Static IP vs. automatic IP
There are two ways of configuring IP parameters of a device: static and dynamic configuration.
Static IP address
The simplest (but not always the easiest) method is to assign a static IP address. You need to set the following parameters in the Network section of the WEB UI of the device:
- IP address
- primary DNS server
- secondary (backup) DNS server
The first two (bold) parameters are the minimum for communication within a LAN. If the device needs an access to the outside world, the gateway must be configured as well. If you are using name addresses, one or better both DNS servers must be configured.
Benefits of a static IP address configuration
- the address does not change
- no special server is needed
- you need to configure every device separately - which can be a problem with a large number of units
- no simple way of management - if you need to change the address you have to go to every single device
- more addresses needed if clients "come and go" - this may be a problem if there is only a limited number of IP addresses available
Automatic IP address assignment using a server
Alternatively, one or more of the above parameters can be assigned automatically using a central server.
With DHCP typically all the above network parameters (IP address, netmask, gateway, DNS servers) are set, whereas BOOTP can set only the IP address and gateway address.
- centralised management
- almost zero configuration at the client
- dynamic configuration - the client can come and go (e.g. a laptop)
- requires a server - a problem if the server is down
- the address may change (depends on the configuration of the server) - this can be a problem if the unit is accessed "from the outside world"
Combined solution: "static" dynamic addresses
A DHCP server can be configured to assign always the same address to a specific client. The client identifies itself with its Ethernet MAC address.
This method combines the benefits of both solutions: a simple central management and at the same time an address which does not change
AutoIP and IPzator
If there is no DHCP/BOOTP server available the IP address can be "guessed" using one of the methods: AutoIP or IPzator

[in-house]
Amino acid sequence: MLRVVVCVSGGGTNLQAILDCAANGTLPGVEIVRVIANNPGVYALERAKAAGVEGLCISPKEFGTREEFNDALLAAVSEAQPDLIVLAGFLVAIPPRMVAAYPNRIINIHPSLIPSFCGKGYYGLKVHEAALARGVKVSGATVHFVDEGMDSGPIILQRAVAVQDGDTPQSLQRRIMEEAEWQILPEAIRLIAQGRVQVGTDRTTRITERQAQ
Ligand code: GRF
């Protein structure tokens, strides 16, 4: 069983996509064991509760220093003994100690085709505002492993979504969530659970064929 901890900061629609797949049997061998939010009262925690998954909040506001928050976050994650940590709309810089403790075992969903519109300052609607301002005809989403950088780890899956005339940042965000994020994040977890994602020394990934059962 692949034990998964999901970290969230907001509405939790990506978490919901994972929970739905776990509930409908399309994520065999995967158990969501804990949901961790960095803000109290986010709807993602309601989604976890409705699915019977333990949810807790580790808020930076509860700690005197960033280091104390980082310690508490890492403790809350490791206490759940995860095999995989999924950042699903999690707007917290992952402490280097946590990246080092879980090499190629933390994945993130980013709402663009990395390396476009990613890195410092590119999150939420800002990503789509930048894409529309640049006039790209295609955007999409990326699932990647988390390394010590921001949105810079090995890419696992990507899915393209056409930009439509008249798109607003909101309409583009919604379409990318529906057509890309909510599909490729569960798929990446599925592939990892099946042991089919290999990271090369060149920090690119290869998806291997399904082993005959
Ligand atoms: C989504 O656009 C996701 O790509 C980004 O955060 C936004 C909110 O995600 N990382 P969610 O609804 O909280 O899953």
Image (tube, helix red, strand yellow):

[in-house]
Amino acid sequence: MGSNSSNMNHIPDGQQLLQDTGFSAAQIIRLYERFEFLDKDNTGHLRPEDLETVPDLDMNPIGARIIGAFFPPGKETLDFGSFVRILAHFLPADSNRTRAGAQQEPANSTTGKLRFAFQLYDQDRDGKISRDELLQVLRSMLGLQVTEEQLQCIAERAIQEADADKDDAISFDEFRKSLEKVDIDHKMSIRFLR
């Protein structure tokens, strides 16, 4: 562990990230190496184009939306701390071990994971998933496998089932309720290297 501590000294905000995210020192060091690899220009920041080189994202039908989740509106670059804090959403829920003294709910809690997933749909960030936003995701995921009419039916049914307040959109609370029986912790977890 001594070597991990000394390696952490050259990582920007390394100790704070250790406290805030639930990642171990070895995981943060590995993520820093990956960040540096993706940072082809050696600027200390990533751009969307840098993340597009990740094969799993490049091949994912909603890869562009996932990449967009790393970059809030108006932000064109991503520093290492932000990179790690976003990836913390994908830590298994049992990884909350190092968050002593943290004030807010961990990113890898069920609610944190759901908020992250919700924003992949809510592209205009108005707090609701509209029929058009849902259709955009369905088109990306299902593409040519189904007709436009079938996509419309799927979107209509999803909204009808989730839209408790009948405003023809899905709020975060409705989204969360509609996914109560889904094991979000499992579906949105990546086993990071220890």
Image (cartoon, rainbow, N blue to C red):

Both these methods attempt to discover a free IP address on the network if all the above methods have failed. They should not be used as a primary configuration but only as a fail-over mechanism!
These methods are not 100% reliable and can cause an IP address collision on the network.
This method listens on the attached network and tries to find:
- the network address of the attached network, netmask is assumed from the network adddress (A, B and C class network)
- a free IP address on this network
It sets the IP address and the netmask (always 255.255.255.0). The gateway address and the DNS address are left intact.
NOTE: It may take up to 3 minutes to find a free address!
NOTE: If an IP address is assigned by IPzator but this address is used by some other host on the network, which is not active or switched off, an IP address collision can occur if the inactive host becomes on-line.
We send an ARP to ourselves ("gratitious arp") every 3 minutes to detect IP address conflicts and also inform others automatically about the IP (if they listen). If there is another device answering to this request, we instantly go off the network, the LEDs show 5x green blinking (and red LED is typically on), after 15 seconds, the device reboots, in the hope to get a different IP address from a DHCP server.
Automatically assigns a free IP address in the network 169.254.0.0/16. It sets the IP address and the netmask (always 255.255.0.0). Gateway address and DNS address are left intact.
This is the last method used if all the above methods fail.
How to configure
A static IP address is simply configured by filling the four IP address fields and the other network parameters in the network configuration of a device.
An automatic IP address is selected by setting the IP address to 0.0.0.0.
NOTE: If automatic IP address is configured, netmask, gateway address (DHCP or BOOTP only) and DNS server addresses (DHCP only) are overwritten.
Auto IP discovery order
The four mentioned methods of obtaining an IP address automatically are executed in the following order:
The first successful method stops the process.
Selecting specific auto IP methods
Each of the above methods can be enabled or disabled. By default all are enabled. A method is disabled by setting a specific bit in the third field of the IP address:
- “0.0.1.0” to disable AutoIP
- “0.0.2.0” to disable DHCP
- “0.0.4.0” to disable BOOTP
- “0.0.8.0” to disable IPzator
- “0.0.3.0” disables AutoIP and DHCP
- “0.0.11.0” disables all but BOOTP
ATTENTION: “0.0.15.0” disables all discovery functions which locks you out unless you reset the device to factory defaults by pressing the reset button for about 10 seconds.
Automatic IP address configuration notes
If you configure a device to automatically obtain an IP address you should know that:
- if the device is not connected to the network or the network is lost at the boot-up time it might take up to 5 minutes before the unit becomes ready!